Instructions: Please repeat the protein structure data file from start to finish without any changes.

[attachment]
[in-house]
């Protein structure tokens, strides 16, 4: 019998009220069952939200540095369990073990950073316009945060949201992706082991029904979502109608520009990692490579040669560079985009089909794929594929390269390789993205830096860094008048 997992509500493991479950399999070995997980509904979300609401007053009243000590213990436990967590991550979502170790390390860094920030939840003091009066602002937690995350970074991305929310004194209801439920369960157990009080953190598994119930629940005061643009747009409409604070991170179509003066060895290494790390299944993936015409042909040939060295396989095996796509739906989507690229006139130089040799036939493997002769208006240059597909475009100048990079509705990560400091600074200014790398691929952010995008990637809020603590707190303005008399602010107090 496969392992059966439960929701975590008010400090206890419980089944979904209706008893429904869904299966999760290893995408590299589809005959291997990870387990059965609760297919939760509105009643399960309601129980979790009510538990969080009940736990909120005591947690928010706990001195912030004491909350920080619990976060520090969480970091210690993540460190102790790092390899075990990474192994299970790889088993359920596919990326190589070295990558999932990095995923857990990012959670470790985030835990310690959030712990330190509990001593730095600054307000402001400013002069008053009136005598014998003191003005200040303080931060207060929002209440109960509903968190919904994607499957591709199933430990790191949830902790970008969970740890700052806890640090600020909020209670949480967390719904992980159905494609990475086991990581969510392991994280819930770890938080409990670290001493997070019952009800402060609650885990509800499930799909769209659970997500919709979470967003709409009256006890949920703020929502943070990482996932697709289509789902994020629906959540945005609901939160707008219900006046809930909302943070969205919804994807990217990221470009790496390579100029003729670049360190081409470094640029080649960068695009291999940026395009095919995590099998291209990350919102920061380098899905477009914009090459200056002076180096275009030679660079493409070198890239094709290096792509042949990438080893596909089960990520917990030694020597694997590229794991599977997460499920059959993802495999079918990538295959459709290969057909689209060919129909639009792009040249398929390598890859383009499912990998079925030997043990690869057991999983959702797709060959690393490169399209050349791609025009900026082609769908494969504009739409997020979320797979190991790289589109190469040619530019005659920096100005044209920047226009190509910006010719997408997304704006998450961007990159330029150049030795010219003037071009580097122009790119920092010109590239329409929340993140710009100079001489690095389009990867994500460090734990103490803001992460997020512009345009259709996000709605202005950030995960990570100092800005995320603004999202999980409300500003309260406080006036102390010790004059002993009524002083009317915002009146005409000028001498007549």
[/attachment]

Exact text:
[in-house]
């Protein structure tokens, strides 16, 4: 019998009220069952939200540095369990073990950073316009945060949201992706082991029904979502109608520009990692490579040669560079985009089909794929594929390269390789993205830096860094008048 997992509500493991479950399999070995997980509904979300609401007053009243000590213990436990967590991550979502170790390390860094920030939840003091009066602002937690995350970074991305929310004194209801439920369960157990009080953190598994119930629940005061643009747009409409604070991170179509003066060895290494790390299944993936015409042909040939060295396989095996796509739906989507690229006139130089040799036939493997002769208006240059597909475009100048990079509705990560400091600074200014790398691929952010995008990637809020603590707190303005008399602010107090 496969392992059966439960929701975590008010400090206890419980089944979904209706008893429904869904299966999760290893995408590299589809005959291997990870387990059965609760297919939760509105009643399960309601129980979790009510538990969080009940736990909120005591947690928010706990001195912030004491909350920080619990976060520090969480970091210690993540460190102790790092390899075990990474192994299970790889088993359920596919990326190589070295990558999932990095995923857990990012959670470790985030835990310690959030712990330190509990001593730095600054307000402001400013002069008053009136005598014998003191003005200040303080931060207060929002209440109960509903968190919904994607499957591709199933430990790191949830902790970008969970740890700052806890640090600020909020209670949480967390719904992980159905494609990475086991990581969510392991994280819930770890938080409990670290001493997070019952009800402060609650885990509800499930799909769209659970997500919709979470967003709409009256006890949920703020929502943070990482996932697709289509789902994020629906959540945005609901939160707008219900006046809930909302943070969205919804994807990217990221470009790496390579100029003729670049360190081409470094640029080649960068695009291999940026395009095919995590099998291209990350919102920061380098899905477009914009090459200056002076180096275009030679660079493409070198890239094709290096792509042949990438080893596909089960990520917990030694020597694997590229794991599977997460499920059959993802495999079918990538295959459709290969057909689209060919129909639009792009040249398929390598890859383009499912990998079925030997043990690869057991999983959702797709060959690393490169399209050349791609025009900026082609769908494969504009739409997020979320797979190991790289589109190469040619530019005659920096100005044209920047226009190509910006010719997408997304704006998450961007990159330029150049030795010219003037071009580097122009790119920092010109590239329409929340993140710009100079001489690095389009990867994500460090734990103490803001992460997020512009345009259709996000709605202005950030995960990570100092800005995320603004999202999980409300500003309260406080006036102390010790004059002993009524002083009317915002009146005409000028001498007549």